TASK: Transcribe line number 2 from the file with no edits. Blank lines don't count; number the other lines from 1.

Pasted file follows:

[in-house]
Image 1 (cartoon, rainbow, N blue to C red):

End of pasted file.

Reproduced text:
Image 1 (cartoon, rainbow, N blue to C red):